North Myrtle Beach police chief to retire next month - WMBFNews.com, Myrtle Beach/Florence SC, Weather

North Myrtle Beach police chief to retire next month

Chief Webster talks about retirement and his favorite memories with NMB Public Safety. Chief Webster talks about retirement and his favorite memories with NMB Public Safety.
Phil Webster (Source: City of North Myrtle Beach) Phil Webster (Source: City of North Myrtle Beach)
Chief Webster with his son, right, and two friends. (Source: Provided to reporter Meredith Helline) Chief Webster with his son, right, and two friends. (Source: Provided to reporter Meredith Helline)

NORTH MYRTLE BEACH, SC (WMBF) – North Myrtle Beach Public Safety Chief Phil Webster is stepping down from his post after 25 years of employment with the city.  He started wearing the North Myrtle Beach badge in 1992, after a friend suggested he apply for an open patrol officer's position, and he did.

Chief Webster is a Myrtle Beach native, graduate of the University of South Carolina and Marine Corps veteran.  In an interview with WMBF News, he said he didn't think he'd return to Myrtle Beach after college.  However, he started in the North Myrtle Beach Public Safety Department in April 1992, and began his climb to chief when he accepted his first supervising position as corporal in 1996.  

However, he said some of his favorite memories are from his time on the streets on patrol, or as part of North Myrtle Beach's former SWAT team.

“You know people were using pay phones…and we managed to track this lady down to where they were holding this little boy at, and SWAT team did an entry into this room and we got the kid back.  So I mean, I’ll never forget that, I mean, that was unreal because I was the first one through the door in actually the bedroom…where they were actually holding him at," the chief said when reflecting on one of his proudest moments, safely returning a kidnapped child to his mother.

He said the department's changed immensely since his days on patrol.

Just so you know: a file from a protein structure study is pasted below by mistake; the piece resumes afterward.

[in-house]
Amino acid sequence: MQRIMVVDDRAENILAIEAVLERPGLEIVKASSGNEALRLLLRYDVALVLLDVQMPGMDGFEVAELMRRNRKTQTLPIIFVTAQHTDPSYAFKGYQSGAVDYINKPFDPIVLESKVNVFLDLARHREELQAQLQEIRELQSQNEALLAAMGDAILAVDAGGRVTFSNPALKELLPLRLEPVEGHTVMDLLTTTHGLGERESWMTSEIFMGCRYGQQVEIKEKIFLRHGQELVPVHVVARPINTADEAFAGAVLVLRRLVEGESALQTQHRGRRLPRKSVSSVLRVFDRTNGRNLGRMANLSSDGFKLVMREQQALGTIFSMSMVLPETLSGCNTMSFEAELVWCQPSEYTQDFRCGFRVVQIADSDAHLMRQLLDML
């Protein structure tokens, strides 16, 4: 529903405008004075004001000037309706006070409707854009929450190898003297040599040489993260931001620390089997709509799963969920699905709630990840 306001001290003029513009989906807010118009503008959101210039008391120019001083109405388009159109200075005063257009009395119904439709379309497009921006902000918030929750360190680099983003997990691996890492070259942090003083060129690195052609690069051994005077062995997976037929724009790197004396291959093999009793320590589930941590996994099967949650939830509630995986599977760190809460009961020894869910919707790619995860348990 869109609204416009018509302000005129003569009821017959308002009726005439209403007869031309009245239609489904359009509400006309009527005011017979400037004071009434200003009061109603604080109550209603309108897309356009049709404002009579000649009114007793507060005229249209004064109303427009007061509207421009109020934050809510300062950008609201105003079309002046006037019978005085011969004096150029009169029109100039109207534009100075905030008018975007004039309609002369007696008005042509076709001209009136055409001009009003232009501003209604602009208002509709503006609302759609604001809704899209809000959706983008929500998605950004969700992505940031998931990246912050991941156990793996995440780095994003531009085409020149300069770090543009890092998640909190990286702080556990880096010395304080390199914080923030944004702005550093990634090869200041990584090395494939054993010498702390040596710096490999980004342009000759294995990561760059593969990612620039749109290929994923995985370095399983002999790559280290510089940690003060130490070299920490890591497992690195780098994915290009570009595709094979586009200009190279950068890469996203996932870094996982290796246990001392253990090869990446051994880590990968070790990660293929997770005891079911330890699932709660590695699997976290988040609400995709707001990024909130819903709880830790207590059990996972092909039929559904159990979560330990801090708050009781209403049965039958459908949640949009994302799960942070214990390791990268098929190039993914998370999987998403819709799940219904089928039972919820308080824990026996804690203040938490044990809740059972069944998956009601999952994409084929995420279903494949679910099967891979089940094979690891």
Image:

"When I first started, you weren't encouraged to investigate the crimes you came across.  You know, you took a report, you turned it over to investigations and they took it.  But now, of course, we encourage our guys and girls to get out there and solve cases," the chief  said.  "But we're also training them as crime scene investigators on the squad level to be able to do their own finger printing...and that's stuff when I was on patrol unit we just didn't do," he continued.

As a public safety department, the chief also fought fires for a month before sticking to the police side.  Chief Webster said the department has grown from about 50 officers to almost 90 since he started.  He's most proud of the community policing model, police training model and never drawing his gun during his tenure.

"I've been fortunate over my years as far as dealing with people, I've been able to talk to people and really, I think, prevent a lot of situations that could've gone very badly by treating people respectfully and professionally...even if they've done something wrong...you know, very bad wrong, just treat them like a human being and give them that respect and it's amazing how things can come out differently," Chief Webster told WMBF News.

Webster went to Louisville, Ky first to train at the Southern Police Institute and learn about the success and techniques of community policing.  He remains involved with the institute.  Since then, he sends command level officers there each year for the same training.  He also said he utilizes available research to improve policing and patrol unit strategies, known as the police training model.  He hopes his successor does so as well.

"So you have to do the best with what you have, and you really have to base that on some proven principals...something that's articulate and science-based...to show 'hey this is why I'm doing this'...because somebody actually studied this...and I think if you do that, you've really got something going there."

The challenges he leaves for his successor are to continue the department's growth and evolve with technology as it changes policing.  He said he's witnessed the department function well in his absence during a crisis, and is confident it will continue to do so.

"There's a lot invested, I mean, professionally and personally...watching officers grow and my own growth with them," the chief said.

He told WMBF News he doesn't know what's next, but he's not ready to permanently retire yet.  He will host the Southern Police Institute Alumni Association in North Myrtle Beach in July.

Webster’s retirement will become effective on June 16. Since then, he has held the positions of corporal, sergeant, lieutenant and captain.

Webster served as police chief for three and a half years.

“When you reach a point where you can retire, you begin to weigh your options,” he said in a statement. “I began contemplating my future with the department over a year ago. I have considered my choices and made a decision that will be best for my family and me.”

The search for a new chief will begin in the fall, according to the release. In the interim, officers will report directly to Public Safety Director Jay Fernandez.

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